By: Nikolai Petrovsky, Susanne Heinzel, Yoshikazu Honda, and A. Bruce Lyons
A major unsolved challenge in development is how to achieve a potent adjuvant effect while avoiding reactogenicity or toxicity.
Older vaccines made from live or killed whole organisms were effective, but suffered from high reactogenicity. As vaccine manufacturers developed safer, less reactogenic subunit vaccines, they found that with lower reactogenicity came reduced vaccine effectiveness. Somewhat ironically, the solution proposed to boost immunogenicity in modern vaccines is to add back immune-activating substances such as toll-like receptor agonists—the very same contaminants removed from old-style vaccines. This raises the question of whether the vaccine field is moving forward or backward. We propose that by avoiding adjuvants that work through toll-like receptor (TLR) pathways, and instead focusing on adjuvants stimulating B- and T-cell immunity directly, one can minimize inflammatory cytokine production and consequent reactogenicity. We present data on a polysaccharide-based adjuvant candidate, Advax, that enhances immunogenicity without reactogenicity, suggesting that potent and well-tolerated vaccines for both adult and pediatric use are indeed possible.
A major bottleneck in vaccine development is the lack of suitable adjuvants for adult and pediatric prophylactic vaccine use. Aluminum salts were introduced for human use in the 1930s when the regulatory environment was less stringent. The desire for new and improved adjuvants stems not only from the need to make existing inactivated vaccines more potent, but also to gain features such as antigen-sparing ability, more rapid seroprotection, stimulation of T-cell immunity, and longer-lasting protective immunity. Significant regulatory and other hurdles exist for developing new adjuvants, as evidenced by the complete absence of new FDA-approved adjuvants.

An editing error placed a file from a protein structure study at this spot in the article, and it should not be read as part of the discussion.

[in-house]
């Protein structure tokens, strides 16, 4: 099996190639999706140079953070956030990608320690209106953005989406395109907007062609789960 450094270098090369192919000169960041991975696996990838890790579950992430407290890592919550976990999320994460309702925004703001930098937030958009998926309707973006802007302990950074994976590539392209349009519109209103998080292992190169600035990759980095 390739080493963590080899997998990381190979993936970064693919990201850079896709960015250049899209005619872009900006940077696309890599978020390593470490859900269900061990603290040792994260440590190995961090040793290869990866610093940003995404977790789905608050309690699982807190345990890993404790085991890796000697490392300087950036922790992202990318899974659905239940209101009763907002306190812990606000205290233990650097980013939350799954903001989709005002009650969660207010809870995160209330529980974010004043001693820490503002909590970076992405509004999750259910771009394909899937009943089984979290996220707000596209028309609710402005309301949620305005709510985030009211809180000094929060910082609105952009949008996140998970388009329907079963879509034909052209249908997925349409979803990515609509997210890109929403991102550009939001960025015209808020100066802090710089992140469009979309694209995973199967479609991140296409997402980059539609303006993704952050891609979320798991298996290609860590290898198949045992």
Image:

Safety and tolerability are critical regulatory issues confronting new adjuvants, and pose the greatest barrier to new adjuvant approvals. In addition to preclinical studies on the adjuvant itself, the combined antigen–adjuvant formulation must pass animal toxicology screens in at least two species at a dose and frequency similar to, or higher than, the proposed human dose, and using the same route of administration, to assess safety and tolerability before clinical tests can begin. Therefore, the benefits of incorporating any adjuvant into vaccines must be balanced against any increased reactogenicity or risk of adverse reactions. Unfortunately, in most cases, increased adjuvant potency is associated with increased reactogenicity and toxicity. The best example of this is complete Freund’s adjuvant (CFA). While it remains the gold standard in terms of adjuvant potency, its extreme reactogenicity and toxicity precludes its use in human vaccines, and there have been discussions of banning CFA even in veterinary vaccines.
Vaccine-caused adverse effects can be separated into two types: local and systemic reactions. Local reactions range from injection site pain, inflammation, and swelling, to granulomas, sterile abscess formation, lymphadenopathy, and ulceration. Systemic vaccine reactions may include nausea, fever, adjuvant arthritis, uveitis, eosinophilia, allergic reactions, organ-specific toxicity, anaphylaxis, or immunotoxicity mediated by liberation of cytokines, immunosuppression, and induction of autoimmune diseases.1,2 While some systemic reactions such as allergy and anaphylaxis are clearly due to the antigen, others, such as adjuvant arthritis, may be caused directly by or exacerbated by the adjuvant. It can be difficult to identify which adverse reactions are mediated by the antigen, which by the adjuvant, and which by both.